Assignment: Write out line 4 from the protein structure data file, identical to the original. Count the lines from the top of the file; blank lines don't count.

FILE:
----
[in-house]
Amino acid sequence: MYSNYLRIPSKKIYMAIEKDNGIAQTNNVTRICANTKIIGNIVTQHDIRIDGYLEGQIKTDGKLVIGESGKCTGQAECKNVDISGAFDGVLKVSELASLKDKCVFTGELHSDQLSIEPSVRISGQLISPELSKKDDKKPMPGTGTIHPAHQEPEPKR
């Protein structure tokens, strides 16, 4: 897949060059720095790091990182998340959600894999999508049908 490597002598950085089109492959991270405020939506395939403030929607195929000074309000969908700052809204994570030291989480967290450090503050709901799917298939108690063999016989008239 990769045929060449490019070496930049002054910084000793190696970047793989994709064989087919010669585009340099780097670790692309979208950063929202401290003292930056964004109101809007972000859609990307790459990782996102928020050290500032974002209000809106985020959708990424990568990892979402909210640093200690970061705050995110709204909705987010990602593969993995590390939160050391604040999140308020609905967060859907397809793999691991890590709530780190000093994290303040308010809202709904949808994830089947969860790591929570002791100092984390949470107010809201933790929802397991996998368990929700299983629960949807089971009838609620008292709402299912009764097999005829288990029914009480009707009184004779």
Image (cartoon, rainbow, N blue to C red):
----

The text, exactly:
Image (cartoon, rainbow, N blue to C red):